The CSS Art Paradox

Published on April 28, 2022 (↻ July 4, 2022), filed under and (RSS feed for all categories).

The most sophisticated CSS being applied to the most meaningless, bloated, and unmaintainable HTML; i.e., the best CSS on top of the worst HTML: That is the paradox of CSS art.

Examples abound when you search for “CSS art.” Take one of the many examples on css-art.com, like the CSS apple—review the CSS in the respective pen but note the “compiled” markup here:

<div class="page">
  <div class="shade"></div>
  <div class="p2822rv"></div>
  <div class="l599e51"></div>
  <div class="ps71z87"></div>
  <div class="t12tali"></div>
  <div class="ceirzn5"></div>
  <div class="o2y113n"></div>
  <div class="x7v5222"></div>
  <div class="zj236i7"></div>
  <div class="light"></div>
  <div class="tgm4e57"></div>
  <div class="tagz83w"></div>
  <div class="skvdej8"></div>
  <div class="green"></div>
  <div class="bx1kjk8"></div>
  <div class="il43qyi"></div>
  <div class="lyrzy76"></div>
  <div class="pl22445"></div>
  <div class="spot"></div>
  <div class="el6n2ea"></div>
  <div class="stmvru9"></div>
  <div class="l3io43b"></div>
  <div class="f7yb6z1"></div>
  <div class="pid71b1"></div>
  <div class="xz8v76a"></div>
  <div class="e225745"></div>
  <div class="saltd54"></div>
  <div class="d647a82"></div>
  <div class="zv75fuq"></div>
  <div class="d43148u"></div>
  <div class="df137vj"></div>
  <div class="f658w41"></div>
  <div class="qh52b36"></div>
  <div class="y29do7c"></div>
  <div class="vlvi791"></div>
  <div class="eg711ml"></div>
  <div class="r9p89ys"></div>
  <div class="a2ktzjo"></div>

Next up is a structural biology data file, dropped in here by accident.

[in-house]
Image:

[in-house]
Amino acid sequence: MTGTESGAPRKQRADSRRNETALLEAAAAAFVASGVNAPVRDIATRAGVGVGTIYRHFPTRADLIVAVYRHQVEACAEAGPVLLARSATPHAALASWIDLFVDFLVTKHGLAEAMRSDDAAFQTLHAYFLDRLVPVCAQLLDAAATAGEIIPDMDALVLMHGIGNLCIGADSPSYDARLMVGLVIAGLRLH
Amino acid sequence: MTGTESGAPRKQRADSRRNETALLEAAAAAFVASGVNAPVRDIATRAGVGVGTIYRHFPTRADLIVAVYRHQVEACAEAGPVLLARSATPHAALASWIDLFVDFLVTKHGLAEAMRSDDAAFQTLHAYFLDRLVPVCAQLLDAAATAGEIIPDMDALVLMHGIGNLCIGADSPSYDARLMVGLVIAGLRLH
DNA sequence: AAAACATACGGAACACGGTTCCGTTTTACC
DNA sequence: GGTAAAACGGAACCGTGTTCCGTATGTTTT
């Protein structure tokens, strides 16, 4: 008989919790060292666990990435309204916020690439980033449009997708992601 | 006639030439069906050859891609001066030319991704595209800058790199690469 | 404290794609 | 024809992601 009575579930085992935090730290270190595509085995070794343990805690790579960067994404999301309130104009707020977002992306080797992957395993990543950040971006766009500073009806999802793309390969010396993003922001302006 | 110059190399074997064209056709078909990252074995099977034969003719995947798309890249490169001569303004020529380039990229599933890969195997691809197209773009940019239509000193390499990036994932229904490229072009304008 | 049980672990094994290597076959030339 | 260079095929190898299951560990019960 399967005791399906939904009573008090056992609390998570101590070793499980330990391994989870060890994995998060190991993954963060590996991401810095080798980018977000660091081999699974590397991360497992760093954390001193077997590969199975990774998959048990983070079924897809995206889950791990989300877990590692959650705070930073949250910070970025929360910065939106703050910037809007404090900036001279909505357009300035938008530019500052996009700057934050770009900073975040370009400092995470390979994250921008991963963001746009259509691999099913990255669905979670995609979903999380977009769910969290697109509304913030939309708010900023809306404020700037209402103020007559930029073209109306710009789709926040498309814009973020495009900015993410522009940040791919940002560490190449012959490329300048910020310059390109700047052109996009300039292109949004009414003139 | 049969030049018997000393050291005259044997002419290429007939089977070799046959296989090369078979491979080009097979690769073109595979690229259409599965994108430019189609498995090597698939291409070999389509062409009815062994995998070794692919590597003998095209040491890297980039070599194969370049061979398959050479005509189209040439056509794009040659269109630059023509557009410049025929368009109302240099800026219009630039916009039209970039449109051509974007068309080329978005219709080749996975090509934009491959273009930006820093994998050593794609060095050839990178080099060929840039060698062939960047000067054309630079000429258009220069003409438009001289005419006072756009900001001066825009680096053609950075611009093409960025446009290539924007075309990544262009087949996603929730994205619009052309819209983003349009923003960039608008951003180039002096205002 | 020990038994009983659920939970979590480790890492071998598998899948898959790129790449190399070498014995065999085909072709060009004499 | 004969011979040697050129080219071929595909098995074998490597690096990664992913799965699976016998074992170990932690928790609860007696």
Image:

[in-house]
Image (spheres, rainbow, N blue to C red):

<div class="n4y74ix"></div>
  <div class="lh6o94s"></div>
  <div class="bottom-shadow"></div>
  <div class="bottom-shadow2"></div>
  <div class="leaf"></div>
  <div class="leaf-shadow"></div>
  <div class="leaf-highlight"></div>
  <div class="j86g1kn"></div>
  <div class="ucfi66b"></div>
  <div class="k9w65sk"></div>
  <div class="stem"></div>
  <div class="rs6451i"></div>
  <div class="i2r51mh"></div>
</div>

It may sound harsh, but markup like this is meaningless junk.

(This is not geared towards the artist—their work is respected and appreciated, as their focus has been on the CSS. This example serves to illustrate the HTML downside.)

You can rightly marvel at the CSS that CSS artists write; but shudder when it comes to the markup it’s usually based on.

A paradox, of CSS art.

Are there exceptions? Yes! Single-element artworks are usually an exception. Their small HTML footprint is defensible even if these art pieces have no content (some single-element art is even accessible). Lynn Fisher’s A Single Div offers a great collection of single-element artworks. If you want an example from myself, I submit The World’s Highest Website, a 2006 CSS experiment based entirely on the premise of a single element.

Then, does good CSS art require good HTML? Similar to how a great artwork may need a quality canvas or frame? That’s a great question! Let’s discuss it on Twitter.

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About Me

Jens Oliver Meiert, on September 30, 2021.

I’m Jens (long: Jens Oliver Meiert), and I’m a frontend engineering leader and tech author/publisher. I’ve worked as a technical lead for companies like Google and as an engineering manager for companies like Miro, I’m close to W3C and WHATWG, and I write and review books for O’Reilly and Frontend Dogma.

I love trying things, not only in web development (and engineering management), but also in other areas like philosophy. Here on meiert.com I share some of my views and experiences.

If you want to do me a favor, interpret charitably (I speak three languages, and they can collide), yet be critical and give feedback for me to learn and improve. Thank you!